- Optionally, select a Time Extent option to modify the overall start and end time for the layer, or select Calculate to automatically set the earliest and latest times.
Create a timeline
Now that your data has been time enabled, you can create your timeline and add this data.
- Activate the map that contains the data to be added to the timeline.
- On the Analysis tab, click New Timeline.
This will activate the Timeline view pane.
- In the Timeline view pane, click Add Layer to add a time-enabled layer or stand-alone table to your timeline.
- On the Choose layer drop-down menu, select the layer or stand-alone table you want to add to the timeline.
- On the Choose display field drop-down menu, choose the field you want displayed in the ScreenTip when you hover over data in the timeline.
- In the Choose category field drop-down menu, select the field you want to use to categorize the layer or stand-alone table data in the timeline.
- Click OK.
The timeline view adds your data and creates the timeline. You can now visualize when in time each data point lies and connect this visualization with the map’s view and sense of place, allowing for spatial and temporal analysis.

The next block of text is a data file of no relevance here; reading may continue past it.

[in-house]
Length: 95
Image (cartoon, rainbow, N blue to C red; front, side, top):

Explore and filter the timeline
Now you can begin exploring, filtering, and understanding your timeline. After creating and adding data to your timeline, it is recommended that you use the Full Extent tool on the contextual Timeline tab. This shows the full extent of your data and displays it on the timeline. By using Time Scales, you can view your data in fixed units of time, the Time Scales options include the following:
- Full Extent
In addition, you can choose to use the Rectangle Zoom tool located on the contextual Timeline tab. This allows you to click and drag to a specific extent along the timeline. However, you can also use the mouse wheel to zoom in and out on the timeline for a faster response. Using the Pan tool, you can move along the timeline to see past the current extent. Timelines also include four filtering controls to aid your analysis: Filter By Time, Filter By Selection, Filter By Extent, and Filter By Range.
Timelines can filter on definition queries. After analyzing the dataset, you notice the timeframe from 2011 to 2018 is too large to properly analyze. You assess that the years you need to analyze most are from 2016 to 2018. You also want to look at specific statute violations: aggravated assault, burglary, and motor vehicle thefts. You will build a definition query to filter your data and timeline accordingly.